The sensor suite 107 includes one or more sensors configured to sense various engine operating conditions, and to supply sensor signals representative thereof to the computer system 108. The sensor suite 107, although depicted in FIG. 1 using a single functional block, may include any number of different types of sensors to sense various different types of engine operating conditions and/or various other types of conditions over various points in time.

The computer system 108 is coupled to receive the manual request signal from the user interface 106 and the sensor signals from the sensor suite 107. The computer system 108 is normally configured to automatically control fuel flow to the engine 102. However, if the vehicle operator is requesting to manually control fuel flow and the engine operating conditions are within a predetermined range, the computer system 108 will relinquish fuel flow control to the vehicle operator. Moreover, if the engine operating conditions fall outside the predetermined range at any time while the vehicle operator is manually controlling fuel flow, then the computer system 108 reconfigures the system to automatically control fuel flow.

As depicted in FIG. 1, preferably the computer system 108, and software used therein, is integral with the flight operating system 104, and thereby maximizes efficiency without requiring additional hardware, other components, or associated weight or space. In addition, preferably the computer system 108 is constantly monitoring post-relinquishment operating values of the engine 102 against allowable values to determine whether a post-relinquishment engine operating condition outside allowable limits as determined by the automatic control has been requested.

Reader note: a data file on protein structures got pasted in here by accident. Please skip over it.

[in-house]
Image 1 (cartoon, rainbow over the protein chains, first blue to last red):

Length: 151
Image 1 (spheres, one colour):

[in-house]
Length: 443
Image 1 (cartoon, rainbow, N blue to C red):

Turning now to FIG. 2, an exemplary computer system 108 is illustrated by way of example. The computer system 108 illustrates the general features of a computer system that can be used in the flight operating system 104. Of course, these features are merely exemplary, and it should be understood that the computer system 108 can include different types of hardware that can include one or more different features. It should be noted that the computer system 108 can be implemented in many different environments, such as within a particular apparatus or system, or remote from a particular apparatus or system. Nonetheless, the exemplary computer system 108 includes a processor 202, an interface 204, a storage device 206, a bus 208, and a memory 210.

The processor 202 performs the above-described computation and control functions of the computer system 108, and may comprise any type of processor, include single integrated circuits such as a microprocessor, or may comprise any suitable number of integrated circuit devices and/or circuit boards working in cooperation to accomplish the functions of a processing unit. The processor 202 may comprise multiple processors implemented on separate systems. During operation, the processor 202 executes the programs contained within the memory 210 and as such, controls the general operation of the computer system 108.

The memory 210 can be any type of suitable memory. This would include the various types of dynamic random access memory (DRAM) such as SDRAM, the various types of static RAM (SRAM), and the various types of non-volatile memory (PROM, EPROM, and flash). It should be understood that the memory 210 may be a single type of memory component, or it may be composed of many different types of memory components. In addition, the memory 210 and the processor 202 may be distributed across several different computers that collectively comprise the computer system 108. For example, a portion of the memory 210 may reside on a computer within a particular apparatus or process, and another portion may reside on a remote computer.

The bus 208 serves to transmit programs, data, status and other information or signals between the various components of the computer system 108. The bus 208 can be any suitable physical or logical means of connecting computer systems and components. This includes, but is not limited to, direct hard-wired connections, fiber optics, infrared and wireless bus technologies.